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Andres
01-26-2011, 03:34 AM
The nominees are out. The King's Speech got 12 nominations.

Who'll take the cake? ;)

Bartelby
01-26-2011, 04:42 AM
The social network and true grit will be the most prominent. The former for acting and script writing and the latter for acting and direction. The kings speech is basically a foreign film.

Arrows
01-26-2011, 11:07 PM
You consider a British film to be foreign? Sure; it's not an American production, but it's definitely not foreign.

CanadianChic
01-27-2011, 01:15 AM
As great as the acting was in True Grit, past precedent dictates it will not win any 'writing' awards given that it is, after all, a remake. These will be the winners:

Best Picture: The King's Speech

Actor in a Leading Role: Jeff Bridges

Actor in a Supporting Role: John Hawkes

Actress in a Leading Role: Annette Bening

Actress in a Supporting Role: Hailee Steinfeld

Animated Feature Film: How to Train Your Dragon

Art Direction: Alice in Wonderland

Cinematography: True Grit

Costume Design: Alice in Wonderland

Directing: The Social Network (David Fincher)

Documentary Feature: Gasland

Documentary Short Subject: Sun Come Up

Film Editing: 127 Hours

Foreign Language Film: Dogtooth

Makeup: The Wolfman

Music (Original Score): The King's Speech (Alexandre Desplat)

Music (Original Song): Toy Story 3 (We Belong Together)

Short Film (Animated): The Gruffalo

Short Film (Live Action): Wish 143

Sound Editing: Inception

Sound Mixing: The Social Network

Visual Effects: Iron Man 2

Writing (Adapted Screenplay): Winter's Bone

Writing (Original Screenplay): The King's Speech

Bartelby
01-27-2011, 01:26 AM
It's mostly Americans that vote so that makes a big difference for a film like the kings speech.



You consider a British film to be foreign? Sure; it's not an American production, but it's definitely not foreign.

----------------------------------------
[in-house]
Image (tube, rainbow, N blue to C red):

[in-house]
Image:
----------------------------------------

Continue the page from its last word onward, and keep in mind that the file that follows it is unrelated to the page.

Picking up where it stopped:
ollinger
01-27-2011, 04:31 AM
I don't see evidence that mostly Americans voting impairs chances of a foreigner or foreign film. In the last 10 years best actor has gone to 3 foreign men (Bardem, Day-Lewis, Crowe) and best actress to 4 foreign women (Cotillard, Winslet, Mirren, Kidman). In fact, based on their share of the roles in major films, it's likely that foreign award winners are overrepresented statistically. I imagine this lack of national bias would apply to best film as well.

ollinger
01-27-2011, 04:39 AM
(note: concerning best film this year, we see that the Golden Globe, voted by the Hollywood FOREIGN Press Association, went to "Social Network". They too did not prefer "King's Speech")

Tchocky
01-27-2011, 08:54 PM
Haven't seen King's Speech. Liked Social Network. True Grit was very good.

Bartelby
01-27-2011, 09:02 PM
It's got to do mainly with whether the film is an american production. For example, Crowe in Gladiator is in an American film.



I don't see evidence that mostly Americans voting impairs chances of a foreigner or foreign film. In the last 10 years best actor has gone to 3 foreign men (Bardem, Day-Lewis, Crowe) and best actress to 4 foreign women (Cotillard, Winslet, Mirren, Kidman). In fact, based on their share of the roles in major films, it's likely that foreign award winners are overrepresented statistically. I imagine this lack of national bias would apply to best film as well.

JustBob
01-27-2011, 10:25 PM
Best Picture = Best film in the english language

It doesn't have to be American or produced by Americans. The main criteria is that the film must have had a run in an L.A. County theater during the previous year.